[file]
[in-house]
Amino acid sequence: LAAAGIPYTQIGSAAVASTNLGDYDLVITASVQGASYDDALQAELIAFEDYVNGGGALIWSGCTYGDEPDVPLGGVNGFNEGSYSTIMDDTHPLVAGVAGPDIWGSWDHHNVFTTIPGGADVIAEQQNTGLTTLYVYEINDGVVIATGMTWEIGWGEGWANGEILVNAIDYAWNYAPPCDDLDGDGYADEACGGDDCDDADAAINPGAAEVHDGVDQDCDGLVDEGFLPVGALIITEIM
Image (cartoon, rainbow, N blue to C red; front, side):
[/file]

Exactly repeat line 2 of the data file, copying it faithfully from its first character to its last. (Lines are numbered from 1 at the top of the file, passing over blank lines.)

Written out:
Amino acid sequence: LAAAGIPYTQIGSAAVASTNLGDYDLVITASVQGASYDDALQAELIAFEDYVNGGGALIWSGCTYGDEPDVPLGGVNGFNEGSYSTIMDDTHPLVAGVAGPDIWGSWDHHNVFTTIPGGADVIAEQQNTGLTTLYVYEINDGVVIATGMTWEIGWGEGWANGEILVNAIDYAWNYAPPCDDLDGDGYADEACGGDDCDDADAAINPGAAEVHDGVDQDCDGLVDEGFLPVGALIITEIM